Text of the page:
The Collingwood City Soccer Club girls soccer program is kicking goals for girls sport in Yarra with the announcement that they will be fielding two girls’ teams in the 2014 season.
The announcement follows a highly successful girls pilot program launched by the club earlier this year with the help of a Small Project Grant from the City of Yarra.
Junior’s coordinator, Sarah Iacono, said she was prompted to launch the program by her daughter, who, after years of watching her brothers play, was keen to have a team of her own.
“The first program we ran we had over 30 girls coming down, and since then we ran the term-four skills program and again we’ve had even more girls joining in,” Ms Iacono said.
Joanne Tyrrell, mother to six year-old twins Sophie and Abbey, said that her daughters thrived as part of the program and continue to pick up new skills each week.
“They truly love the game and going to training, and I think it will be hard to stop them moving into a team as they get older,” Ms Tyrrell said.
While many parents may not think of soccer as a first preference for their daughters, coaching director, Rick Wilson said he believes it can be enormously rewarding for them.
“Once the girls start to train they are often just as competitive as the boys,” Mr Wilson said.
“You often find the girls pick up the footwork drills quicker than the boys do initially, which in turn helps them in their early stages of playing soccer,” he said.
Ms Tyrrell agreed that parents should consider soccer as an option for their girls.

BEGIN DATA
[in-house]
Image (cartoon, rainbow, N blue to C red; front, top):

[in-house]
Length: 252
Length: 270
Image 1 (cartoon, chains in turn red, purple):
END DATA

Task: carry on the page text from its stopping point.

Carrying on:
“I think it’s really important that each child, girl or boy, can try anything; I think there are no ‘girl’ or ‘boy’ sports – if you love it, you should do it,” she said.
Mr Wilson said he found soccer helped the girls develop socially, as well as physically.
“It’s about the social skills, mixing it up, taking them from this group and putting them into that one—once they get out there their differences don’t matter it’s just a group of girls who all want to play,” he said.
Ms Iacono said she found the program helped broaden the girls’ social circles.
“It is outside of the normal school activities, netball and basketball often begin as school teams, so you are still with school friends, but I think it is also healthy to have a group of friends outside of your school,” she said.
Ms Tyrrell said that she felt participating in the program had helped her daughters meet girls from other schools.
“They’ve made new friendships and learned to work as a team with girls they have never met before,” Ms Tyrrell said.
Ms Tyrrell said she would encourage girls and their families who were considering joining the program in 2014 to give it a go.
“The coaches are fabulous – they love their job, they know the game, they teach the kids the fundamentals of the game in a gradual, structured and personal way, and they make it their business to get to know the kids,” she said.